They dreamed, they planned, they succeeded. It was their love for the environment that kept them going. Mr. Nodarse’s team of engineers, including Shannon Zhang and Laura Zhou, teamed up with ATCS junior Ohm Nabar in order to create their pollution detecting masterpiece, the Intelli-Buoy.

The students’ research all started last year during their sophomore year when Shannon and Laura discovered their passion for environmental science. Shannon knew even in her freshman year that she wanted to be involved in mechatronics research with Mr. Nodarse. Then as a sophomore with some experience in engineering research, she moved on to environmental engineering, where she partnered up with Laura to create their research plan to build a device that would monitor bodies of water and collect data about water pollution.

While the two worked on assembling the Intelli-Buoy, Ohm Nabar joined in to work on the coding of the electronics. Shannon and Laura designed the project, built the outside shell, and then mounted the steel bars for a clean finish on the machine.

The students earned a grant of $400 when they applied for YSAP, the Young Science Achievers Program. The entire project was, according to Shannon, inexpensive in that the frames only cost around $100. The grant money was used for the creation of the pod, shown in the center of the buoy, which contains sensors that detect temperature, pH, oxygen levels, and turbidity, collecting an immense amount of data.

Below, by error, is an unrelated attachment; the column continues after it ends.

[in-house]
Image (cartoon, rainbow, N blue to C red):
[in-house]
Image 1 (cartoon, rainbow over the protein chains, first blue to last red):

Currently, Ohm Nabar has taken up the project and is still working on the machine. The buoy was tested on water in the past summer by Mr. Nodarse, where it floated well without waves. A second ring was added after testing so that the buoy would be able to operate in rougher conditions where the water flow may be unstable. The researchers are still waiting for calmer weather for further testing with the buoy.

The students and their mentor are hoping that the buoy will be finalized soon for the use of the newly established Environmental Science Center to help detect the pollution of the bodies of water nearby. They hope that their passion can influence other students looking for engineering research opportunities.

When asked to share a word of advice for aspiring engineers of BCA, Shannon Zhang said, “It’s good to get started on an engineering research project with one of Mr. Nodarse’s electives or research prerequisites. The wide variety of engineering research topics, including mechatronics and robotics, are great opportunities to gain experience working with hands-on projects.”

The Chronicle looks forward to seeing the Intelli-Buoy in action!